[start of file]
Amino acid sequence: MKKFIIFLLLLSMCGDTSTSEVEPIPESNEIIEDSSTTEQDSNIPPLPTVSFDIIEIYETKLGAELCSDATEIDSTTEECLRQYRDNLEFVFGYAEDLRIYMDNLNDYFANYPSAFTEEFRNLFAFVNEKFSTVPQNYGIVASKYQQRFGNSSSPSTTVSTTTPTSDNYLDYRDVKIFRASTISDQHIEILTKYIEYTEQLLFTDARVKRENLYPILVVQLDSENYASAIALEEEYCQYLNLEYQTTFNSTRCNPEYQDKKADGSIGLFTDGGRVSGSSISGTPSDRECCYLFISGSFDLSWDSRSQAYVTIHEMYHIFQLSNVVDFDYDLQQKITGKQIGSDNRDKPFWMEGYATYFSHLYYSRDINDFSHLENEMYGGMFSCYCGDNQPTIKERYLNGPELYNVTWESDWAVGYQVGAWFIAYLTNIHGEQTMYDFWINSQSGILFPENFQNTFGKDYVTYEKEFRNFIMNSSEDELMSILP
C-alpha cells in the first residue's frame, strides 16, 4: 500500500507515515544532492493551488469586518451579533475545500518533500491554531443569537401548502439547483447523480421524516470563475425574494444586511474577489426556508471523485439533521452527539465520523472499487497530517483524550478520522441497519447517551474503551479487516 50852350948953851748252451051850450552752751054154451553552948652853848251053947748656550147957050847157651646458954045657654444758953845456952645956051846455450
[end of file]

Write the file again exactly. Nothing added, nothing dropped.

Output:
Amino acid sequence: MKKFIIFLLLLSMCGDTSTSEVEPIPESNEIIEDSSTTEQDSNIPPLPTVSFDIIEIYETKLGAELCSDATEIDSTTEECLRQYRDNLEFVFGYAEDLRIYMDNLNDYFANYPSAFTEEFRNLFAFVNEKFSTVPQNYGIVASKYQQRFGNSSSPSTTVSTTTPTSDNYLDYRDVKIFRASTISDQHIEILTKYIEYTEQLLFTDARVKRENLYPILVVQLDSENYASAIALEEEYCQYLNLEYQTTFNSTRCNPEYQDKKADGSIGLFTDGGRVSGSSISGTPSDRECCYLFISGSFDLSWDSRSQAYVTIHEMYHIFQLSNVVDFDYDLQQKITGKQIGSDNRDKPFWMEGYATYFSHLYYSRDINDFSHLENEMYGGMFSCYCGDNQPTIKERYLNGPELYNVTWESDWAVGYQVGAWFIAYLTNIHGEQTMYDFWINSQSGILFPENFQNTFGKDYVTYEKEFRNFIMNSSEDELMSILP
C-alpha cells in the first residue's frame, strides 16, 4: 500500500507515515544532492493551488469586518451579533475545500518533500491554531443569537401548502439547483447523480421524516470563475425574494444586511474577489426556508471523485439533521452527539465520523472499487497530517483524550478520522441497519447517551474503551479487516 50852350948953851748252451051850450552752751054154451553552948652853848251053947748656550147957050847157651646458954045657654444758953845456952645956051846455450